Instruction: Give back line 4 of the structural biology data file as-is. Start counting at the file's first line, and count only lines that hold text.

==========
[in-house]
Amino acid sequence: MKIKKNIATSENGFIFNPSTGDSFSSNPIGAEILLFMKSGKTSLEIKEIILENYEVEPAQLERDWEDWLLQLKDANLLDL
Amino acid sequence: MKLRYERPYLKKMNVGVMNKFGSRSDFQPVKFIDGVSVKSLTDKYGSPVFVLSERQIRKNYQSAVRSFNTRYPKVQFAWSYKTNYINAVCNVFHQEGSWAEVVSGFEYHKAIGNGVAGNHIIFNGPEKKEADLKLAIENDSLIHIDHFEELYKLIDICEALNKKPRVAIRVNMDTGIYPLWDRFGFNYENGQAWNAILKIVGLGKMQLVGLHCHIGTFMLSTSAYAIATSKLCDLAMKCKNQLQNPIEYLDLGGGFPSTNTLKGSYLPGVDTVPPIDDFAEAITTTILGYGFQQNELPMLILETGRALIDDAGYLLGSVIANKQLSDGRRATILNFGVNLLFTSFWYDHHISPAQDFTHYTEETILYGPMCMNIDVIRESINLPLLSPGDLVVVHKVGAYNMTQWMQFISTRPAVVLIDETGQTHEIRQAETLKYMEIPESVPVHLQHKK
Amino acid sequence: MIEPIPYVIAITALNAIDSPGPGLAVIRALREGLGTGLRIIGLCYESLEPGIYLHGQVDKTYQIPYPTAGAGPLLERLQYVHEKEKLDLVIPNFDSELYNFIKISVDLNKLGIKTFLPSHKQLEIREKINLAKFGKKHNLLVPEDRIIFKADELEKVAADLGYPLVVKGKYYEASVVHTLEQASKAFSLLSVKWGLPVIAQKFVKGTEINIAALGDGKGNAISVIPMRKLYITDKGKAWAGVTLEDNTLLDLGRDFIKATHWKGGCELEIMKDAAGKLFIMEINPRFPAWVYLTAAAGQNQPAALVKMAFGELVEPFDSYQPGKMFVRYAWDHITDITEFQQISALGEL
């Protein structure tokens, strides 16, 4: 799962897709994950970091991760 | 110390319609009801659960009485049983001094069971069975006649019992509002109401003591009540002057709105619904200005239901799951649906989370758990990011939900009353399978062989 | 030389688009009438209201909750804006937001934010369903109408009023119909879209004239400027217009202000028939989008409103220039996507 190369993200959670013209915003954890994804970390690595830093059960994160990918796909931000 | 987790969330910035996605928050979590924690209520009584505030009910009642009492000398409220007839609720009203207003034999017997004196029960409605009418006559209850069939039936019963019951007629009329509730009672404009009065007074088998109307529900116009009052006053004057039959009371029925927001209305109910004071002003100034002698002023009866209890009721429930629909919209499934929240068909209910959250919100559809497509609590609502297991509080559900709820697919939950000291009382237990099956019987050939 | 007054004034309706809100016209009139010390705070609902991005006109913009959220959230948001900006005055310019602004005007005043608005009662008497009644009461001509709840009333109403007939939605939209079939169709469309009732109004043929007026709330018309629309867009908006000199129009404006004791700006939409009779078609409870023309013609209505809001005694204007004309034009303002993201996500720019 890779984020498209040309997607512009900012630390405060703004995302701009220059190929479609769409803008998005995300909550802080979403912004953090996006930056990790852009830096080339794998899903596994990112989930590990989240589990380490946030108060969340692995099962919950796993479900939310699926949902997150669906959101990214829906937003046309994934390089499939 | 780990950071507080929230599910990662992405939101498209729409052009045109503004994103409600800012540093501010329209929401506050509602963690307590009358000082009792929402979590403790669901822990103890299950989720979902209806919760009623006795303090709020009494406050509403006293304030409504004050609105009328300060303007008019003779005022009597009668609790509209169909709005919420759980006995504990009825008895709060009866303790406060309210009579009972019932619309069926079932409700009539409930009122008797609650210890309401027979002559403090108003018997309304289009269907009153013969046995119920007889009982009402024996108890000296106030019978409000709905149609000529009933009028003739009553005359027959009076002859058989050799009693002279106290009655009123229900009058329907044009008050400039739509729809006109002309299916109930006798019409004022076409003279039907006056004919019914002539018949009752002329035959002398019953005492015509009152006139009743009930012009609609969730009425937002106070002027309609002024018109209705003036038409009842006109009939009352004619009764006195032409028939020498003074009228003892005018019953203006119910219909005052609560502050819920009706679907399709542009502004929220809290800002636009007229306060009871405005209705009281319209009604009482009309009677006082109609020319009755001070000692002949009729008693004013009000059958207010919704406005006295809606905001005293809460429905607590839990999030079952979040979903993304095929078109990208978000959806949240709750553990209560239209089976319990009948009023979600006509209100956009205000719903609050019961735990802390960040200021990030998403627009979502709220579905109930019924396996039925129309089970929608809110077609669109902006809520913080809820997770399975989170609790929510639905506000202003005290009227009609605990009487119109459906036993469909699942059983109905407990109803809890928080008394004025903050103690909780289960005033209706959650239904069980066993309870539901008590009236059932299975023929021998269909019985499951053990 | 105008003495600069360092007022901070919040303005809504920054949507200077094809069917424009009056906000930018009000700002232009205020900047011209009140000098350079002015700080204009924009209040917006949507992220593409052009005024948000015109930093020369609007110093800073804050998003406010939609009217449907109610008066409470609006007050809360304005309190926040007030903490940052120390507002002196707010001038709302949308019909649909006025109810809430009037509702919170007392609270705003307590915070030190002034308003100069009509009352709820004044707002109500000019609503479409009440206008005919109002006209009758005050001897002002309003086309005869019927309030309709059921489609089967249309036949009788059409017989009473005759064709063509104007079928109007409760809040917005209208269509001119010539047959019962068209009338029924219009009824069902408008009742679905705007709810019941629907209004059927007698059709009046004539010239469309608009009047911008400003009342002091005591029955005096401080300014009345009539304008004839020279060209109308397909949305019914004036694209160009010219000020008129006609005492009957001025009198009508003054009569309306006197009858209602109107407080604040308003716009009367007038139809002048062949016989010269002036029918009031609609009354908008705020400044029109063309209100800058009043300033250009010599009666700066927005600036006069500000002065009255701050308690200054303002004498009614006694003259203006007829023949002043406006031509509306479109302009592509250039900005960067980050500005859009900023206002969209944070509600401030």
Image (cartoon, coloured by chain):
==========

Amino acid sequence: MIEPIPYVIAITALNAIDSPGPGLAVIRALREGLGTGLRIIGLCYESLEPGIYLHGQVDKTYQIPYPTAGAGPLLERLQYVHEKEKLDLVIPNFDSELYNFIKISVDLNKLGIKTFLPSHKQLEIREKINLAKFGKKHNLLVPEDRIIFKADELEKVAADLGYPLVVKGKYYEASVVHTLEQASKAFSLLSVKWGLPVIAQKFVKGTEINIAALGDGKGNAISVIPMRKLYITDKGKAWAGVTLEDNTLLDLGRDFIKATHWKGGCELEIMKDAAGKLFIMEINPRFPAWVYLTAAAGQNQPAALVKMAFGELVEPFDSYQPGKMFVRYAWDHITDITEFQQISALGEL